Geography is a discipline of explorers. Some geographers explore the world using satellite imagery and others by interviewing members of an indigenous community in an isolated area. What unites geographers everywhere is a desire to dig deeper, a desire to better understand why the spatial patterns and unique features we find in the world exist and how they interact and change. World Regional Geography presents an overview of the discipline by introducing students to key themes and concepts in the discipline of geography through a study of the world’s regions.

In a traditional World Regional Geography textbook, chapters are arranged around the various regions of the world with each chapter focusing on the geographic features of the particular region. Concepts such as climate, physical features, culture, economics, and politics are discussed in every chapter and particular places and names of physical features found in each region are emphasized. In essence, most World Regional Geography textbooks privilege breadth over depth.

There are two key problems with this traditional approach. First, most regional chapters follow the same basic outline of topics, perhaps beginning with physical features, then outlining historical developments, and then moving on to culture and economics. Countries and specific places within the region are emphasized rather than the patterns found across the region as a whole. There is rarely an over-arching theme or story that connects the regions to one another. Secondly, in most primary-level geography courses, breadth is already emphasized. Students may take map quizzes or learn a list of physical features, but have little exposure to the depth of concepts and theories that are central to geography as a discipline.

This book takes a different approach. Rather than present students with a broad, novice-level introduction to geography, emphasizing places and vocabulary terms, this text approaches geography as experts understand the discipline, focusing on connections and an in-depth understanding of core themes. This thematic approach, informed by pedagogical research, provides students with an introduction to thinking geographically. Instead of repeating the same several themes each chapter, this text emphasizes depth over breadth by arranging each chapter around a central theme and then exploring that theme in detail as it applies to the particular region. In addition, while chapters are designed to stand alone and be rearranged or eliminated at the instructor’s discretion, the theme of globalization and inequality unites all of the regions discussed. This core focus enables students to draw connections between regions and to better understand the interconnectedness of our world. Furthermore, the focus on both globalization and inequality helps demonstrate the real-world application of the concepts discussed. Colonialism, for instance, rather than a historical relic, becomes a force that has shaped geography and informs social justice. This thematic approach is also intended to facilitate active learning and would be suitable for a flipped or team-based learning-style course since it more easily integrates case studies and higher-order thinking than the traditional model.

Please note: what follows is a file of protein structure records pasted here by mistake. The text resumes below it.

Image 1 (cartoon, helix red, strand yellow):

Each chapter begins with a list of learning objectives. This text was written with the backward course design model in mind and the content of each chapter was structured around these learning objectives. Because of this backward design focus, the length of each chapter is considerably shorter than most traditional textbooks. The intention is for the instructor to supplement the text with problems, case studies, and news articles and to use the text as a springboard for discussing deeper issues. The chapters are written in an accessible style, often addressing the student directly, and the author’s voice has intentionally tried to remain present in the text. Following the Washington Post’s gender-inclusive style guide, the singular they is intentionally used throughout the text. Rhetorical questions are also used to help students reflect on concepts and to encourage them to dig deeper and consider concepts from different perspectives.

Finally, a key difference between this text and others on the subject is that it is provided at no cost under the CC BY license. This means that the content can be distributed, remixed, tweaked, or built upon simply by crediting the author. Geography is an open discipline. In truth, anyone can be a geographer as long as they are curious about the world around them.

This isn’t a perfect text and it doesn’t attempt to be. In emphasizing depth over breadth, some content was sacrificed. However, the intention is that students will not only know the material much more deeply, but in doing so, will also develop a passion for geography and a geographical imagination that will continue beyond this course.

Happy exploring, geographers.


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World Regional Geography by Caitlin Finlayson is licensed under a Creative Commons Attribution-NonCommercial-ShareAlike 4.0 International License, except where otherwise noted.

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